The Most Beautiful Castles in Portugal

Portugal

Scattered across green meadows and rocky hills, Portuguese castles make up a small but important part of the vast historical heritage of the country. Here are the most beautiful and enchanting castles in Portugal.

National Palace of Pena

Palacio da Pena Sintra is set high on a wooded hill and framed by folly-dotted botanical gardens

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The National Palace of Pena is the most famous castle in Portugal due to its colourful appearance and imposing location atop the highest hill above Sintra. It’s a monument of national and international importance and a Unesco World Heritage site. The story of the palace dates back to the Middle Ages when a chapel dedicated to the Lady of Pena was established. It eventually grew into a monastery and then a castle. The building’s facade is outstanding, borrowing elaborate details from the Manueline and Moorish styles of architecture. The clever design of the palace ensures that it’s visible from anywhere in the surrounding gardens and forests.

Belém Tower

The exterior of the Belém Tower features crosses and twisted rope embellishments

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The 16th-century Belém Tower is adorned with the symbols of the house of King Manuel I, including the thick rope that encircles the castle and terminates in elegant nodes and crosses at different angles. In the late 16th century, the tower became a prison during the Spanish invasion of Portugal, holding upper-class criminals and political dissidents in the dungeons. Belém Tower protected the Portuguese capital, which was vulnerable to attacks from pirates and neighbouring states. Today, it’s a key symbol of Lisbon and serves as a reminder of the former power of the Portuguese on land and at sea.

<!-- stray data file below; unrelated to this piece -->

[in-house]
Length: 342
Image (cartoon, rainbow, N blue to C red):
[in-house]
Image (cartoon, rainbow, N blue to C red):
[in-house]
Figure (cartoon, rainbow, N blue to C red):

Castle of the Moors

A steep stone staircase leads to the hilltop Castle of the Moors

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The Castle of the Moors was built during the eighth and ninth centuries, making it one of the oldest preserved fortresses in Portugal. This Moorish fort sits atop a steep hill in the middle of a thick forest and is surrounded by a high wall. The castle was altered to survive long sieges, with a reservoir for drinking water built inside. However, despite its vital geographical location, the fortress was abandoned by its inhabitants in the 15th century and quickly lost value and started to decay. Today, climb to the top for impressive views of the beautiful valleys that stretch towards the Atlantic Ocean.

Guimarães Castle

Guimarães Castle stands tall within a small forest park

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Guimarães Castle is one of the most important Medieval fortresses in northern Portugal. Its walls were built in the shape of a pentagram, complete with eight rectangular crenellated towers. Constructed in the 10th century, it later became the official royal residence of Henry of Burgundy, Count of Portugal, the father of the first king of Portugal, Afonso Henriques. The castle withstood the Battle of São Mamede in 1128, which resulted in the victory of Afonso and signified the starting point of an independent Portugal. Since then, the castle has been dubbed the birthplace of the Portuguese nation.

Almourol Castle

The Almourol Castle stands in the middle of the Tagus River